All the reviews talk of her brutal honesty and that is there in almost every chapter - you need a strong stomach for parts of it. She doesn't shy away from embarrassing things - supporting Sid Viscous's denials after he's accused of throwing a glass only to be told a year later that he did; unwittingly insulting Don Cherry on a tour bus. Most people would hide those moments away.  

Very impressive.  

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Returned to this one after first reading it about 15 years ago. Published in 1987, it's in a more expansive style than McEwan's present-day pared-down mode. Although he always seems like the very clever schoolboy or graduate student, there's a great deal of interest here, not least his predictions of the state of England after 10 more years of Thatcherism. Viewed from 2016, it all seems sadly prophetic.

P.S. 13th Jan. Central theme is the Conservative Prime Minister's personal project to get a book out for parents advocating strong discipline for children. In view of today's news item, need say "prophetic"?

Edited by BillF

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8 hours ago, BillF said:

51eI9OH6j4L._SX324_BO1,204,203,200_.jpg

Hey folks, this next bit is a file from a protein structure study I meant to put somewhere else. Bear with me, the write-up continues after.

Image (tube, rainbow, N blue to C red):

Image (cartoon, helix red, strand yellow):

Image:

Returned to this one after first reading it about 15 years ago. Published in 1987, it's in a more expansive style than McEwan's present-day pared-down mode. Although he always seems like the very clever schoolboy or graduate student, there's a great deal of interest here, not least his predictions of the state of England after 10 more years of Thatcherism. Viewed from 2016, it all seems sadly prophetic.

I read that many years ago but can't remember much about it. I remember being especially taken with 'Black Dogs' - there was something about the underlying theme that really haunted me...can't for the life of me remember what it was! 

I get really confused distinguishing between McEwan, Faulks, Banks and Boyd in my memory. I've enjoyed a fair few books by all of them but if you were to give me a title I'd struggle to get the right author.  

Confessions of an absent minded man! 

Edited by A Lark Ascending

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Product DetailsThe Occupation trilogy by the 2014 Nobel Prize winner.  If you get this edition don't read the introduction till after you've read the novels-- too many spoilers. 

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The heroine, Fanny, is a paragon of virtue, shy, retiring, blushing, and hence, for me, rather boring; the supporting characters, having varying degrees of wickedness,  held my interest much more. Perhaps the most complex of Jane's novels, there are moments of tedium as the plot spins itself out at length.